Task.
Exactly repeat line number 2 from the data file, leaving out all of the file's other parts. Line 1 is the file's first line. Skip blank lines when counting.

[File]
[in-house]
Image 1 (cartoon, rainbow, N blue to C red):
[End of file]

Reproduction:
Image 1 (cartoon, rainbow, N blue to C red):